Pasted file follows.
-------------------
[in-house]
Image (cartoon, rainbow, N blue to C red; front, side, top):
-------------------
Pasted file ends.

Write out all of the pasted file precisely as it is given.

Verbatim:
[in-house]
Image (cartoon, rainbow, N blue to C red; front, side, top):